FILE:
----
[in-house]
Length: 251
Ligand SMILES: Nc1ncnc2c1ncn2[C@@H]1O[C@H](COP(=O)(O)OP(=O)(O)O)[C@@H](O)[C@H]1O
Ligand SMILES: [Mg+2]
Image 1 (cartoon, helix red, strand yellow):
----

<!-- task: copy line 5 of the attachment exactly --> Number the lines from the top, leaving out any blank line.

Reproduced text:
Image 1 (cartoon, helix red, strand yellow):